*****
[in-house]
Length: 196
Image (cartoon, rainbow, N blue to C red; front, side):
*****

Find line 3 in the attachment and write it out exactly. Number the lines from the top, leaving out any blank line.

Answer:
Image (cartoon, rainbow, N blue to C red; front, side):